In­creased num­ber of as­bestos-re­lated deaths a ‘med­i­cal mys­tery’, says doc­tor

Ma­te­rial be­hind 108 vic­tims dy­ing from killer can­cer

Kentish Express Ashford & District - - Fatal Illness - By Josie Han­nett

The num­ber of deaths from lung can­cer caused by as­bestos in Kent has in­creased, ac­cord­ing to the latest fig­ures.

Last year, 108 peo­ple in the county died of mesothe­lioma, which is caused by ex­po­sure to the sub­stance. That is 17 more fa­tal­i­ties than the pre­vi­ous year.

The nat­u­ral fi­brous ma­te­rial was used as an in­su­la­tor for hun­dreds of years un­til 1992, when it be­came illegal to make prod­ucts from it in the UK.

Med­way had the high­est num­ber of deaths in Kent last year with 17, three more than in 2013.

The fig­ure means Med­way has the sixth high­est death rate from mesothe­lioma in the UK.

Swale had the big­gest in­crease last year com­pared to 2013, with the num­ber of deaths shoot­ing up from three to 13.

In Thanet, 12 peo­ple were killed by the dis­ease in 2014 com­pared to five the pre­vi­ous year.

Dr Alan McKenna, a law teacher at the Univer­sity of Kent who also cam­paigns on as­bestosre­lated is­sues, said: “We still don’t know the pre­cise mech­a­nism by which as­bestos trig­gers mesothe­lioma. “It’s a med­i­cal mys­tery. “In cer­tain towns, such as Ash­ford and Can­ter­bury, the deaths have fallen. Why in Swale and Thanet are we see­ing very large in­creases?

“Un­less we look at the in­di­vid­ual deaths, I don’t think we can an­swer why specif­i­cally those two parts of Kent have seen mas­sive in­creases.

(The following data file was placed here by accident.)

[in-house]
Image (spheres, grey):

“For ex­am­ple, it could be that peo­ple who worked in Med­way in the dockyard, where as­bestos was used ex­ten­sively, could have moved to Swale or Thanet and un­for­tu­nately passed away in these ar­eas.”

Af­ter ini­tial ex­po­sure to the ma­te­rial, it takes be­tween 20 to 60 years be­fore a per­son de­vel­ops this type of can­cer.

Each year more than 2,500 peo­ple are di­ag­nosed with the dis­ease in the UK, with men five times more likely to be di­ag­nosed than women.

Dr McKenna added: “You can strip as­bestos out of build­ings com­pletely but there is a mas­sive cost is­sue, and the gov­ern­ment aren’t go­ing to fund it.

“As­bestos is in most cases the cause of mesothe­lioma.

“The ar­gu­ment is that it is per­fectly ac­cept­able to block it i n as best as you can to pre­vent the fi­bres es­cap­ing, ef­fec­tively cov­er­ing it up.

“What would be use­ful would be to have reg­u­lar air mon­i­tor­ing in schools so you get a very ac­cu­rate pic­ture of the pre­cise level of as­bestos fi­bres at that time when the chil­dren are mov­ing around the school.”

Dr Mckenna be­lieves more money should be spent on re­search to pre­vent the num­ber of deaths and find a cure for mesothe­lioma.

There are two types of the pro­longed dis­ease, the most com­mon be­ing pleu­ral mesothe­lioma which de­vel­ops in the tis­sue cov­er­ing the lungs, and peri­toneal mesothe­lioma, which de­vel­ops in the lin­ing of the ab­domen.

Dr Alan McKenna from the Univer­sity of Kent and cam­paigner on as­bestos-re­lated is­sues

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